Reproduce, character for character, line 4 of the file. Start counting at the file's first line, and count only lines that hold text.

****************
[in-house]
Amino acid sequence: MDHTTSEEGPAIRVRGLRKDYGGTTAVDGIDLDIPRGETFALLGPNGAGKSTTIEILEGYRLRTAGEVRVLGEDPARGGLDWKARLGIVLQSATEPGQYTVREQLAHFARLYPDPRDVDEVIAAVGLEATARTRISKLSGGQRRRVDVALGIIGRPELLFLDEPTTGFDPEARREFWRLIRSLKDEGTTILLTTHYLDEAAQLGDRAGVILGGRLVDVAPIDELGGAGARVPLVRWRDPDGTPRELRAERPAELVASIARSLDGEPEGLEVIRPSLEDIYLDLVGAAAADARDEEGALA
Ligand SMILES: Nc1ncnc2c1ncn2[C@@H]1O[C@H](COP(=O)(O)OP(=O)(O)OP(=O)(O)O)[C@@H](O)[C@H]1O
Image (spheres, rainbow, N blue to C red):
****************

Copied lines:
Image (spheres, rainbow, N blue to C red):